Michael knew that this was bad. Very, very bad. So bad that it could possibly end all of mankind. Alright, maybe not that bad but still incredibly bad. Why? What was this thing? This thing was his little brother, Bennie. Bennie could die. Michael did not want Bennie to die.
Well, who would want Bennie to die? He was one of those super sweet, super cute, super nice kids that always looked neat and smelled good and wanted to help out. When a cat was stuck up a tree in the school yard, Bennie went and fetched it down. Whilst climbing the tree, Bennie got the cat, let it down gently then snapped the branch and broke his arm. All to save the little cat.
He was a perfect little boy that if you tasted, you’d imagine him tasting of gumdrops, lollipops and kindness. What does kindness taste of though? Easy. Kindness tastes of Bennie.
So when Bennie was told he could die, it wasn’t a very good effect. His mother broke down into sobbing tears, his dad went into a dejected silence and Michael ran off. He ran and ran and ran.
Michael liked running. Running seemed to make everything better. He loved the adrenaline rush, the movement of his muscles pumping fast, the way it felt to hear his feet pound and hit the earth hard. Somehow, in a strangely relaxing way, running helped Michael with anything and everything. All Michael did was run away from his problems. If he ran away, and didn’t come back for a while, the problem might be sorted. The only issue was, Michael very rarely came back.
Slowing, Michael leant again a stray tree, alone and bare in the dusty surroundings. It was like a stick, thin and gangly, with a few sparse branches sticking out. Trying to steady his heavy breathing, he kept trying to shove out the thought. He could not listen to the thought.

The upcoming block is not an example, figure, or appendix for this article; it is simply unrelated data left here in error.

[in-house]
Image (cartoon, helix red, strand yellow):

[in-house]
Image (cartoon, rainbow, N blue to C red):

Yet, he did. The thought bounced around in his mind, like a hyper kid who had eaten too many rich chocolate bars and drank too much bubbly fizzy drink.
You have to go back.
The only thing that stopped him every few minutes, was this thought. It bugged him, constantly persisting, never leaving his mind. This thought had developed seconds into running from Bennie. From his mother, from his father. From his family.
You see, Michael knew very well he had to go back. How could he let his little brother suffer in un-fair silence? It wasn’t right. How could he let his poor mother and father, wrecked with shivering anxiety, be alone? Now they had one son on the verge of death, and the other running off.
He began running again. Moving his arms, moving his legs, moving his mouth to form little ‘o’ shapes. To breathe in and out, in and out. But as he ran, he slowed. Then he stopped. He couldn’t do this.
Turning around, Michael knew what he had to do. He had to go back. The thought was one hundred percent right and he couldn’t ignore it anymore. Shifting a stretched smile onto his face, he began to run.
Run. Run. Run. Slow. Slow. Stop.
No. This isn’t good. This was bad. Very, very bad. So bad that it could possibly end all of mankind. Alright, maybe not that bad but still incredibly bad. Why? What was this thing? This thing was that Michael was well and truly lost.